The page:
As recorded above, up to March, 1903, there was only one battery of artillery in Natal, but in that month the raising of two more field batteries was authorised by the Natal Government and these came into being in June, 1903, being B. and C. Batteries. The latter was composed almost entirely of civil servants and was known as the Civil Service Battery. The batteries were 6-gun units, 15-pounder B.L. and it is recorded that the guns with their entire equipment, so-called spares from the Anglo-Boer War, were bought by Natal from the British Government for one shilling each: a gift, of course. C. Battery soon had to change its name to D. Battery upon discovery of the fact that the battery raised in Pietermaritzburg about the same time as C. Battery was raised in Durban ante-dated the new Durban unit by a few weeks and claiming priority as C. Battery and succeeded. C. Battery — P.M. Burg1— was commanded by Major (later Lieut.-Colonel) Frederick S. Tatham, afterwards Justice Tatham, who was succeeded successively by Major W. S. Bigby and Major (later Lieut.-Colonel) W. P. M. Johnston. D. Battery existed till 1904 when it was disbanded, most of the personnel transferring to A. and B. Batteries.
In 1905 a Pom-Pom section of two guns and two ammunition wagons, horse-drawn, was raised in Durban and attached to the 1st N.F.A. Brigade. The strength was 23, all ranks. This small unit took a very useful part in the Zulu Rebellion operations in 1906—1907. It was disbanded at the end of 1907.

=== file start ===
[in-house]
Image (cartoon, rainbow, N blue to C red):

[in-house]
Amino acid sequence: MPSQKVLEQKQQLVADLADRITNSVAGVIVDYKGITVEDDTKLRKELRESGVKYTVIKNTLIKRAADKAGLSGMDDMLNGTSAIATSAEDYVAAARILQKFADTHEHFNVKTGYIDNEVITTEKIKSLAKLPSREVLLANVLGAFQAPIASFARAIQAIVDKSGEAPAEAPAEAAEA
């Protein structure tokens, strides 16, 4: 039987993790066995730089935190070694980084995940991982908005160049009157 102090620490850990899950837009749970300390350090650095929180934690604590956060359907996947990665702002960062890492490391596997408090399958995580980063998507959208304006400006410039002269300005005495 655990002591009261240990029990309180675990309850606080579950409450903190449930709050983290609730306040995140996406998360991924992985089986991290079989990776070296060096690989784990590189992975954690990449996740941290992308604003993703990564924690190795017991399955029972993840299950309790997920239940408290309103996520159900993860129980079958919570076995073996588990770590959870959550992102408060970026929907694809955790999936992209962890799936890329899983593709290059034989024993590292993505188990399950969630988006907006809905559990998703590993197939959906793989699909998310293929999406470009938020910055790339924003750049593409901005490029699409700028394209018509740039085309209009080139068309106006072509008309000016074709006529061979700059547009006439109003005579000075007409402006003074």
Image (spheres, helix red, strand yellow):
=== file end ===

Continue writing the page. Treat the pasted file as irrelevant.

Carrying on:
Medical, veterinary, signalling, supply and transport services were rendered by detachments furnished to the brigade from those departmental units of the Natal forces. The Head-quarters of the Brigade were in Durban.
The first weapons of the Durban Rifle Guard Artillery Company are not now known as no record can be traced about them, moreover it is not even known for certain whether any guns were ever issued to the unit. The first guns of the Durban Volunteer Artillery were 7-pounder B.L. Armstrong mountain screw guns, followed in 1899 by 7-poundcrs of the same make but adapted to field carriages. These latter were used during the Anglo-Boer War and were in action at the battle of Elandslaagte on 21st October, 1899. But they were hopelessly outranged by the Boer field guns which were of the most modern continental type and for this reason the battery played only a minor part in subsequent phases of the war, being used mostly on line-of-communication duties in northern Natal. In 1901 these out-of-date guns — pop-guns — were withdrawn and the battery was armed with 15-pounder modern field guns mounted on Indian pattern carriages.
Source: Short History Of The Volunteer Regiments Of Natal And East Griqualand, Past and Present. Compiled by Colonel Godfrey T Hurst, DSO OBE VD, Honorary Colonel of the Natal Mounted Rifles."